Elevate Community: What Would You Like Me To Say?

April 23, 2012

Building Relationships

A couple of months ago I celebrated my birthday.  That meant a bunch of emails and text messages from family and friends, birthday cards arriving in the mail, as well as a full Facebook wall of “happy birthday” messages from close and even not-so-close acquaintances.  Birthdays are supposed to be a big deal!

Yet, while a lot of companies out there know about my birthday, only one took the time to send a free drink postcard in the mail to celebrate my birthday.  My free Venti Cappuccino was delicious.  Thank you Starbucks for making me feel special!  By the way, I’d also like to share with you that this perk is reserved only for people who register on the My Starbucks Rewards website.  Check it out!

I actually learned a valuable lesson from Starbucks.  If you want someone to feel special, do something special for them.  If you’d like that person to tell others about you, do something special for them that’s worth repeating to others.   Both will create customer satisfaction and strengthen relationships with the customer.  According to customer service expert Dennis Snow, the process of strengthening customer relationships is a very simple process and it starts with answering two simple questions.

I’d like to take a look at these two questions and discuss how they might apply to strengthening relationships and developing community within a special needs ministry.  Even as I’m blogging this article, our Special Friends Development Team is brainstorming the answers to these two questions as it applies to our families with kids with special needs at First Baptist Orlando.

Snow’s first question:  “What do you want customers to say about your company?”  Rephrased, the question we’re asking is,

“What are the two comments that we want our parents to say about our special needs ministry?”  

In order to answer this questions our Team is attempting to put ourselves into the shoes of our parents.  We want to identify two things a parent would say that would be a measurable indicator that our ministry is moving in the right direction when it comes to strengthening relationships and developing community.  Here are two parent-comments that we’ve identified:

  • “The Special Friends Ministry makes my family feel welcomed.”
  • “The Special Friends Ministry cares about how we are doing.”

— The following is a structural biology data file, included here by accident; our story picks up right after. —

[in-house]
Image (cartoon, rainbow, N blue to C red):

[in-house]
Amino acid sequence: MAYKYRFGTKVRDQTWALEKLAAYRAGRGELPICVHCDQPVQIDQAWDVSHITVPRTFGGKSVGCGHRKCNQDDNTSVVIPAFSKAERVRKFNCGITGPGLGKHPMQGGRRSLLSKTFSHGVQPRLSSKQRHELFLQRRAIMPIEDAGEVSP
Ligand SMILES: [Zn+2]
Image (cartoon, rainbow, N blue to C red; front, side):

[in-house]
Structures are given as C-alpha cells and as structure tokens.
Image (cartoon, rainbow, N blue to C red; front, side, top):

One you have defined the two things that you’d like your parents to say, it then becomes fairly easy to define the behaviors that will cause parents to say those things.  That’s fairly simple, isn’t it.  Determine what you want people to say about your ministry because then you can identify the specific behaviors that produce the comments!

That leads us to the second question posed by Snow, “What employee behaviors would lead customers to say those things?”  Rephrased, the question our Development Team is asking is,

“What are the volunteer behaviors that would lead parents to say those comments we identified?”

So for example, if we want a parent to say, “They made my family feel welcomed” then we need to identify staff/volunteer behaviors such as:  warmly greeting a parent as soon as they walk into our room with a hug or a handshake, letting them know that “It’s so good to see you here today!”  Even if you’re with another parent, at least give me a signal that you know they are there.   At a minimum, eye contact and a smile is all it takes.  Let them know when they enter your room that they are more important than your paperwork or more important than chatting with another volunteer.

Remember, once you’ve identified what you want parents to say about your ministry then it becomes more clear what the behaviors need to be that will causes parents to say those things.  This is a simple yet effective two-step process that can help to Elevate Community.

For example, if you want a parent to say, “They care about how we are doing” then engaging in behaviors like calling a parent mid-week and asking how things are going would be important.  Or before a parent picks up their child, perhaps asking them if there are any prayer requests they’d like to share.  An email, follow-up call, or a handwritten note that you can mail communicates that you’re thinking about them other than just on Sundays.

  • “The Special Friends Ministry makes my family feel welcomed.”
  • “The Special Friends Ministry cares about how we are doing.”

I know that if parents say these two things about our special needs ministry, it will be an indicator that we are successfully building stronger relationships and creating community.  Our ministry will be walking the talk.  And it started by asking two simple questions:

  • “What are the two comments that we want our parents to say about our special needs ministry?”  
  • “What are the volunteer behaviors that would lead parents to say those comments we identified?”

If you’d like to follow the other posts related to the topic of Elevate Community make sure that you “subscribe” to our blog or “like” us on our Facebook page!

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About Michael Woods

Christ-follower, husband, chocoholic, and peanut-butter lover! I'm a father to triplet boys...each on the autism spectrum.

View all posts by Michael Woods

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